How Afro-Colombian Champeta started as a musical genre and evolved into art and film
In this Latinx Heritage Month, mitú shines a light on the root of Latinx joy. We dig deep into the subcultures and traditions that have shaped our communities – the reason for our song and dance. We continue to build thriving communities together through our strong roots and with the support of State Farm.
If your mind immediately said, ‘Bórralo, bórralo/Yarly, Yarly, Yarly;’ then, it is likely that you have heard a champeta. Specifically TikTok viral El Avioncito by GiBlack, a song that recently hit social media again via a Tweet from the Federación Colombiana de Fútbol. As one of many examples in recent memory, this trend shows that Afro-Colombian champeta continues to evolve beyond music into other forms of media.
Hailing from the Caribbean coast of Colombia, champeta is a musical genre that has proven to be truly revolutionary. According to New York educator Bryan Prado Ceron, who spoke to mitú, “La champeta is about mixing a rhythm with strong African influences such as socca, reggae, etc. The DJ scratches the records and adds random sound samples throughout the mixes that were readily available within their boards. Along with the DJ, the MC was educating the crowd. Educate them on social issues, teach them new dance moves or just how to dance on the song that was already playing.
Having become popular in the 80s, the champeta will find its place in the Colombian barrios. As a port city, Cartagena facilitated the cultural exchange that led to the creation of champeta. Given its location, it has gradually become the main selection of entertainment for people affected by social stratification. In turn, those in power would disapprove of it while those in favor of it would turn it into a shared act of resistance and positive change. Despite overwhelming rejection, champeta would continue to thrive on the fringes of pop culture throughout the 90s and break into mainstream culture in the 21st century.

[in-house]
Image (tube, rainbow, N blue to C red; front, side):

One of the earliest films centered on the champeta was filmmaker Luis Silva’s 1990s short, “Los reyes criollos de la champeta”. This documentary aimed to raise awareness of the many MCs and DJs who had kept the movement alive at that time and remained a seminal work on the champeta. To this day, Silva’s piece remains a classic and is acclaimed by avid followers around the world. Years later, “Champeta Paradise” would mark another example of the burgeoning cinematic representation of this genre.
It’s been more than two decades since “Los reyes criollos de la champeta” and “Champeta Paradise” kept the champeta movement going in the 90s and 2000s, and it’s only going from strength to strength. The 2020s saw the champeta danced on the Super Bowl stage by international icon Shakira, as well as on TikTok by thousands around the world.
With the Disney+ streaming service soon to release worldwide the youth comedy-drama “Champeta, el ritmo de la Tierra” – a series that will do very well for Afro-Colombian representation on a major platform. – Cinema, music and TV fans will have no choice but to appreciate the cultural phenomena Champeta has been and continues to be.
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